Health status and disease severity in fibromyalgia. Results of a six-center longitudinal study
Version of Record online: 12 DEC 2005
Copyright © 1997 American College of Rheumatology
Arthritis & Rheumatism
Volume 40, Issue 9, pages 1571–1579, September 1997
How to Cite
Wolfe, F., Anderson, J., Harkness, D., Bennett, R. M., Caro, X. J., Goldenberg, D. L., Russell, I. J. and Yunus, M. B. (1997), Health status and disease severity in fibromyalgia. Results of a six-center longitudinal study. Arthritis & Rheumatism, 40: 1571–1579. doi: 10.1002/art.1780400905
- Issue online: 12 DEC 2005
- Version of Record online: 12 DEC 2005
- Manuscript Revised: 4 APR 1997
- Manuscript Accepted: 17 OCT 1996
- NIH. Grant Number: AM-21393
Objective. To determine the intermediate and long-term outcomes of fibromyalgia in patients seen in rheumatology centers in which there is special interest in the syndrome.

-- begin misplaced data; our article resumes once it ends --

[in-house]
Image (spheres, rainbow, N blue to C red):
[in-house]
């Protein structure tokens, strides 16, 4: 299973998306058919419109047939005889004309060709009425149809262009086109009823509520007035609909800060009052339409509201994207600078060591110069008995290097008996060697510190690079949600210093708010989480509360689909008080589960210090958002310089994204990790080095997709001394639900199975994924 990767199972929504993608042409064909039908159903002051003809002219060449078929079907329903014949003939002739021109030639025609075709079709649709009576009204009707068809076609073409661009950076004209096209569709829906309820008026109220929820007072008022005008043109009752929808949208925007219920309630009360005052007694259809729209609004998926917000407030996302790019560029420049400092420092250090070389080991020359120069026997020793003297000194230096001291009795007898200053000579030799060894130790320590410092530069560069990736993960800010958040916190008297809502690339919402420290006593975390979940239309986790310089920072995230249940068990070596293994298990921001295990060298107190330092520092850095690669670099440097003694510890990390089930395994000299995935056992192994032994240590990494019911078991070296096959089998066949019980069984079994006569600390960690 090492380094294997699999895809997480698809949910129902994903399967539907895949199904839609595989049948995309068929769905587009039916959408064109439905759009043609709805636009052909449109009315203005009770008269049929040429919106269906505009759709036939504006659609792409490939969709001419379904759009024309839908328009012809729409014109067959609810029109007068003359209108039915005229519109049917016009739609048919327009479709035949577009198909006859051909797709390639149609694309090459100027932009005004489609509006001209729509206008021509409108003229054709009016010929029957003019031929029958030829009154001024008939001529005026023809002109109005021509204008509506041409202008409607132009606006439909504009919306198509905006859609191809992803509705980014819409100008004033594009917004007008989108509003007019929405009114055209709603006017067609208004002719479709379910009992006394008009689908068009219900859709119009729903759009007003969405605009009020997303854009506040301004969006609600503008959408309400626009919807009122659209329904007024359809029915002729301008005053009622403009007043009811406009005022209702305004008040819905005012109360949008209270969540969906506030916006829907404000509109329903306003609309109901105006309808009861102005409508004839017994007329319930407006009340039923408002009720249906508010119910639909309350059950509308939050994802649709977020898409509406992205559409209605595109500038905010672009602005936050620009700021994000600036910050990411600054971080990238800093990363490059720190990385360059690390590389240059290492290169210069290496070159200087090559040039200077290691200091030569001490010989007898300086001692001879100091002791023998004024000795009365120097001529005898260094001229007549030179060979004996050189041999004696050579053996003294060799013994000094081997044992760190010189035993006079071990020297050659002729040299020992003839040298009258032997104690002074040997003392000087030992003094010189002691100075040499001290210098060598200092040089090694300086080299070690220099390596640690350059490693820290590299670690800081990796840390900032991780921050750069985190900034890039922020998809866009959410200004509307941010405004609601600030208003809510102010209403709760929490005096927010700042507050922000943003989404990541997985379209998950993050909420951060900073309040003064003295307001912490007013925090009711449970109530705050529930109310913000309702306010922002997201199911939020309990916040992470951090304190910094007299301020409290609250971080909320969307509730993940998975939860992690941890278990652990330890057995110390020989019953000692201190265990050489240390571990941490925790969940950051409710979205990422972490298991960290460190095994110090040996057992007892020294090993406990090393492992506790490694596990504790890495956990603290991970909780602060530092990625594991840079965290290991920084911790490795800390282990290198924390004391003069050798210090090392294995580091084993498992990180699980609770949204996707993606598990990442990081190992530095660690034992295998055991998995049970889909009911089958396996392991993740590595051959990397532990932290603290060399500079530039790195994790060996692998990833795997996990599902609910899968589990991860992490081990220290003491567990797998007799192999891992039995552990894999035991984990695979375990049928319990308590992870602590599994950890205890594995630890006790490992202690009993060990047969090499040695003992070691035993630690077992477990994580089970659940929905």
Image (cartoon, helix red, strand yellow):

Methods. We conducted a longitudinal outcome study by mailed comprehensive Health Assessment Questionnaire administered every 6 months to 538 patients, from 6 rheumatology centers, whose median duration of disease at first assessment was 7.8 years. The final assessment took place after 7 years. In addition, there was study followup on 85 patients who had attended the Wichita center for > 10 years.
Results. Although functional disability worsened slightly and health satisfaction improved slightly, measures of pain, global severity, fatigue, sleep disturbance, anxiety, depression, and health status were markedly abnormal at study initiation and were essentially unchanged over the study period. Correlations between first and last assessment values were as high as r = 0.82. For some variables, abnormalities were 3 times greater at one center compared with another.
Conclusion. Patients with established fibromyalgia, seen in rheumatology centers in which there a special interest in the disease and followed up for as long as 7 years, have markedly abnormal scores for pain, functional disability, fatigue, sleep disturbance, and psychological status, and these values do not change substantially over time. Half the patients are dissatisfied with their health, and 59% rate their health as fair or poor. There are marked differences in disease severity among the various centers, but <14% of the variance in outcomes can be explained by demographic or center factors. Values at the first assessment are predictive of final values.